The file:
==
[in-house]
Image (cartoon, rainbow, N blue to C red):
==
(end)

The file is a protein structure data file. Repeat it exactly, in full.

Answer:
[in-house]
Image (cartoon, rainbow, N blue to C red):